[GRADLE-1089] 'gradle eclipse' against gradle itself should not create top level .project and .classpath files Created: 04/Aug/10  Updated: 04/Jan/13  Resolved: 05/Jul/11

Status: Resolved
Project: Gradle
Affects Version/s: None
Fix Version/s: 1.0

Type: Bug
Reporter: Chris Beams Assignee: Szczepan Faber
Resolution: Won't Fix Votes: 0


Run `gradle eclipse` against the latest gradle sources.

Notice that a .classpath and .project file are created in the root directory.

Notice also that .classpath and .project files are created for each project in the 'subprojects' directory.

Upon trying to import gradle projects into Eclipse, the top-level .project file 'hides' the nested project files.

The user is forced to remove the root .classpath and .project manually.

They are unnecessary and should not ever be created.

Comment by Hans Dockter [ 05/Aug/10 ]

I'm not sure. In case of Gradle you can avoid your issue by importing with subprojects as root. Additionally you can tweak Eclipse to accept a hierarchical layout in which case you would need the top level eclipse files.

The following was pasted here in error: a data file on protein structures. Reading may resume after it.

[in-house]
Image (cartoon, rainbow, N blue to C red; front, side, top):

Comment by Philip Crotwell [ 05/Aug/10 ]

Another example of this is in the samples/java/multiproject. "gradle eclipse" generates .classpath and .project files for the services directory as well as the 2 subdirectories shared and webservice inside it. But "services" itself is not a project, not listed in the settings.gradle, and is really nothing more than a directory that happens to contain subprojects. It seems incorrect to me to generate .project and .classpath entries for the services directory.

gradle eclipse
find . -name .classpath

Comment by Hans Dockter [ 06/Aug/10 ]

@Philipp The services is added in the settings.gradle. For good or bad, the current default policy is to add the dirs between leafs and root automatically as projects. I fully see your point though. This is something we need to think about. At least provide some easy ways to express what you want. Of course you can always do a eclipseClasspath(Project).enabled = false for a specific project. But this is not very nice.

Comment by Szczepan Faber [ 05/Jul/11 ]

I don't think we want to fix it this way. For example, if I don't pull the 'gradle' project into eclipse I cannot work on the root 'build.gradle'. Yet, I agree it is somewhat annoying that eclipse import wizard does not show all recursive projects

As far as not generating the eclipse projects for subfolders - the way to work around it could be applying eclipse plugin to selected projects either explicitly or using filter:

{ /* should have the eclipse plugin applied? */ }


{ apply plugin: 'eclipse' }
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